The Art of Overwatch

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After maintaining peace for many years, the international task force is needed again. The retired veterans of Overwatch need to reunite to bring peace once more…and the task force, consisting of international heroes, are called on to face the Omnic Crisis in Russia…

I know this sounds like a bunch of weird sci-fi stuff, but this is the premise to the 2016 Game of the Year, Overwatch (aka the best game ever). A 2017 count showed that Overwatch had 35 million players worldwide. Me and my roommates all play this game on one Xbox an absurd amount—and I mean absurd. Since buying the game 14 months ago, we have collectively put 745 hours into this game. A quick input into the trusty TI calculator and that comes out to 31 days. Yes, one whole month. A peak-of-the-knuckle month—that’s what I call art.

This video game blows other video games out of the water. Even without an adventurous campaign mode, this first- person shooter has still managed to create a lore just as captivating as its gameplay. With 26 playable heroes that exist on the same timeline, Blizzard has created a cinematic narrative through a series of shorts. The game is created around the narrative, and maps are specific to a hero or a set of heroes of the same short film.

Before I bore you with stupid game jargon, let me feed you the juicy stuff. This game may look like an animated children’s game, but the subtle details make it so much more. The playable heroes are as diverse as it gets, including Black heroes, White heroes, Asian heroes, Mexican heroes, a Russian hero, Egyptian heroes, and even Australian heroes. There’s even a gay hero, Tracer, who is the cover hero for the game. These heroes challenge social norms, especially the women. In fact, almost half the heroes are female. What makes it even more engaging is the character customization. Never mind how cool the game play is, each hero is equipped with a skin, a pose, a graffiti tag, and other customizable elements that show a bit of each player through their chosen hero.


Because each hero is different in their weapons and abilities, there are a dynamic range of mechanics. In general, they are classified by four types of characters: attack characters, whose abilities enable them to be the most efficient in dealing damage; my personal favorite is the rocket launching Egyptian police woman who can fly. One of my roommates likes to play a bounty hunter dressed as a life guard. I’ve never really thought of these as actual scenarios, but I wish I did.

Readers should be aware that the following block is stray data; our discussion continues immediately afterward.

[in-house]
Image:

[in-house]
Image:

I mean, look at him. Very cut and everything.

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The second class of characters are defense heroes, whose mobility is limited and are more suited for defense. Another one of my roommates plays just about the best cyborg bowman assassin that I’ve ever seen. The archer is dressed in traditional Japanese kabuki attire, and the attention to detail is just astounding.

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The next class of characters is the tank class, who all have the ability to take more damage. One of my favorite heroes to play with has actually become a gay icon in Russia. Zarya was a powerlifter before joining Overwatch. She is a model Russian, demonstrating a strong patriotism. Russian society experiences immense anti-gay sentiment, and a fictional character is the perfect escape from that. Russians have had mixed feelings about her, but many have also found solace in everybody’s favorite Russian powerlifter.


Last but definitely not least, we have the support heroes. These are the “medics” of your team. Each support hero has a different way of healing, but my favorite is the Brazilian DJ/freedom fighter, Lucio. He takes a bit of an edge of the game with his buoyant voice lines and hoppity style of play.

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The difference in mechanics makes for a very strategic game; an even amount of each kind of hero is needed for a well matched game. The strategy is almost like playing a basketball game. Every player has their role and succeeding in said roles helps your team win. The sense of collaboration and cooperation make are an important part of this game’s success. The variations in team composition dictate the style of play.

The possibilities for this game are endless. The Romans had this concept of religio—where the word religion comes from—which means to read over again and again. Many forms of art exhibit the same philosophy; it is made for the eye, and millions of people every day circulate through art museums to catch a glimpse of a timeless painting or sculpture. The unique creativity draws people back, time after time and that is what Overwatch is. Every day, me and my friends occupy the couches in our house and play Overwatch in a rotation. We play over and over again, through the frustrations and defeats. And that is what I call art.


JORDAN CHAN | Aspiring Professional E-Sports Player | KXSU Arts Reporter

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